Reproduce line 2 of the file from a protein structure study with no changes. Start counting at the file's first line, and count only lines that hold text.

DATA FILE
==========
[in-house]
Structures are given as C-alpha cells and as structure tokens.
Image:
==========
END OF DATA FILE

Structures are given as C-alpha cells and as structure tokens.